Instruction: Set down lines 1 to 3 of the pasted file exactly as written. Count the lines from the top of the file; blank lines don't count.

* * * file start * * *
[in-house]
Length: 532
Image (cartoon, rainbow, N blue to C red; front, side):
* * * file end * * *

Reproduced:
[in-house]
Length: 532
Image (cartoon, rainbow, N blue to C red; front, side):